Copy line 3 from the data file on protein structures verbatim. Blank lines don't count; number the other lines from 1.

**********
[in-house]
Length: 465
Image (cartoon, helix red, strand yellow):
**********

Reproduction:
Image (cartoon, helix red, strand yellow):